Left to right: Courtney Wormuth, Associate Director of Athletics; Julie Lenhart, Former Head Coach, Softball; Ella, Gentner's granddaughter; Sally Gentner, Gentner's wife; and Julie Gentner Murphy ’03.
As a child, Julie Gentner Murphy ’03 followed her father to the softball diamond. As a teenager, she decided to attend his alma mater for college. As a professional, she works at the financial consulting firm he partnered for nearly 40 years. She even coaches varsity softball at Williamsville South High School, where she worked alongside her father — a former standout athlete at Cortland.
So when Gerald “Gerry” Gentner ’66 passed away after a four-year battle with cancer in 2012, Murphy considered ways to keep her father’s memory alive.
One was the SUNY Cortland Alumni Association’s Western New York Golf Tournament. For the first time in 2013, the tournament was known as the Gerry Gentner ’66 Memorial Western New York Golf Tournament, named after a man who showed unwavering support for his alma mater and those associated with it.
Another took place during Alumni Reunion 2019. Murphy, a member of the SUNY Cortland C-Club Hall of Fame for her accomplishments in softball and field hockey, named the softball press box in memory of her father.
“People always say that they’re trying to live their life more like Gerry,” Murphy said. “He was always so positive and so willing to give back.”
Whitaker (shown in the stern, wearing a blue shirt and sunglasses) practicing with the 2012 Wounded Warrior Team. The double-hulled crafts are the same type she gave to the university.
Janet Richards Whitaker ’65 is one of the country’s foremost marathon canoeists, winning more than 30 United States Canoe Association national championships and earning induction into the Canoeing Hall of Fame.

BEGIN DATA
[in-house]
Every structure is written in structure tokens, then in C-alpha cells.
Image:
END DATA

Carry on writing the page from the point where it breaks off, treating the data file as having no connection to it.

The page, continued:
She got her start at the William H. Parks Family Center for Environmental and Outdoor Education at Raquette Lake, where she first learned to canoe.
Whitaker is giving a number of gifts to the college as a way to pay tribute to the skills she gained and to support Cortland’s commitment to outdoor and recreation education.
She donated a double-hulled outrigger canoe that will accommodate paddlers with or without physical or intellectual disabilities.
A Lofty Elm estate commitment has allowed Whitaker to name both the renovated dock at Huntington Memorial Camp and an accessible lean-to planned to be built between the shore and the ropes course.
The dock will be named “Aloha” as a welcoming gesture to those embarking on exciting outdoor adventures. The lean-to will be called “Sisu,” a Finnish word that translates as “Tenacity, unwavering determination, a quality that everyone needs when faced with challenges on a pathway to a goal,” Whitaker said.
Scholarships enable our students to explore their passions and pursue their dreams. The stories below feature some recent graduates who benefitted from scholarships during their studies.
John M. Fantauzzi ’58, M ’60 Scholarship Recipient
Camilo Fredes ’19 found he had a lot in common with his classmates when he arrived at SUNY Cortland.
He attended Locust Valley High School on Long Island, where he played tennis, ran track and field, wrote for the school newspaper and volunteered in the community through the local Boys & Girls Club.
Yet when those classmates asked where he was from, Fredes had a long answer.
The son of immigrants from Chile, where he was born and lived until he was 9 years old, Fredes is a first-generation college student. He discovered that his voice was unifying on the Cortland campus. He understood those who were born and raised in America because he largely had that experience himself. Fredes also found it easy to connect with those who came from different backgrounds, as he did.
Fredes was a recipient of the John M. Fantauzzi ’58, M ’60 Scholarship, which supports children and grandchildren of immigrants and first-generation college students.